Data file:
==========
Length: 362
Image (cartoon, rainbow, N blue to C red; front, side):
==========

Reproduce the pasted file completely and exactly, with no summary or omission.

Length: 362
Image (cartoon, rainbow, N blue to C red; front, side):